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03-04-2015, 05:06 PM   #16
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When I got my K3, I was struggling to not get blurry photos at similar shutter speeds to what I was using with my K5. I had basically determined that for my standard shooting that 1/FL was ok, but I should always keep my shots faster than 1/100 because the shots slower than that were blurry no matter the focal length....

That being said, I must have been having a bad day, week, month because more recently I've been able to shoot like I had with the K5 before. It's still about 1/FL, but I'm able to get away with shots slower than 1/100.

AND, to wrap it all up... what you really can get away with really depends on you. I applaud those on this forum that consistently show great shots at speeds lower than 1/30 (1/10, 1/8, 1/4, etc). I occasionally have shots work to 1/8, but it is quite rare. I'm not a steady person at all, but I sure wish I was. My keeper rate at slower than 1/FL is probably only 5% (at best).

03-04-2015, 05:31 PM   #17
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This is a seriously dummed down question (no offence meant)

As an example.....in my own case.....for 95+% of what I do the shots are redundant hobbiest shots.....ie if I get the moment or not there is no real consequence......I can occasionally get great 300mm shots at silly low shutter speads (< say 1/50s.....if no subject movement)....for these shots I'll probally be on continous burst shooting and take a 5 or so shot burst using best available techniche.....BUT for the must get shots..(the 5%)...for whatever reason......would I shoot <1/200 or so......OR. accept a higher ISO..... or maybe less DoF? Or even have planned the shot better for more light (artificial or natural)? What do you reckon?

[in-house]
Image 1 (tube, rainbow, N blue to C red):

Last edited by noelpolar; 03-04-2015 at 05:46 PM.
03-04-2015, 06:06 PM   #18
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A lot depends on you and on how steady your hands are. I find that I can usually use 1/10 second with shake reduction on with a 40 to 50mm focal length and get quite sharp photos. But each person is different.

I mainly use that for waterfalls.



03-06-2015, 02:30 PM   #19
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QuoteOriginally posted by noelpolar Quote
This is a seriously dummed down question (no offence meant)

As an example.....in my own case.....for 95+% of what I do the shots are redundant hobbiest shots.....ie if I get the moment or not there is no real consequence......I can occasionally get great 300mm shots at silly low shutter speads (< say 1/50s.....if no subject movement)....for these shots I'll probally be on continous burst shooting and take a 5 or so shot burst using best available techniche.....BUT for the must get shots..(the 5%)...for whatever reason......would I shoot <1/200 or so......OR. accept a higher ISO..... or maybe less DoF? Or even have planned the shot better for more light (artificial or natural)? What do you reckon?
I think it just depends on the shot. Does accepting less DoF ruin the shot? do you need the shutter speed? I really think we should be thinking about the combination of shutter speed and aperture we want for a shot as a first priority (or at least one of these two). The ISO would be secondary and should come into play in terms of whether you think it's too high (and thus adjusting the aperture or shutter speed to make the shot) or whether you need to stick with your target parameter and let the ISO go up.

Personally, if you have a K5 or newer camera, I wouldn't worry much about ISO much. I wish I would have realized this a few years ago, but since getting the K3, I've been finding that I can get pretty acceptable shots (on print and even on screen) out to ISO 12800 and even occasionally higher. I went back and did the same with my K5 and realize I could have been shooting that way before too. I was too often compromising on my shutter speed and aperture to keep ISO down. Now I don't worry about it.

Consequently TAv is now my favored mode (or straight up M mode).

03-06-2015, 02:42 PM   #20
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QuoteOriginally posted by WPRESTO Quote
For hand-holding @ slower shutter speeds, old advice: take two quick deep breaths; take a third, exhale half then hold your breath; steady and shoot before your face turns purple.
As in rifle shooting, hold your breath and gently squeeze the trigger. Do not pull, or in the case of a camera shutter release button, mash the button. Slow and gentle wins the target.
03-06-2015, 02:48 PM   #21